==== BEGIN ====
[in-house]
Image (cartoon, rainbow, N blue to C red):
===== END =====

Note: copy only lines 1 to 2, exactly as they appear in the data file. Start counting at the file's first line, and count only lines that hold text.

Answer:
[in-house]
Image (cartoon, rainbow, N blue to C red):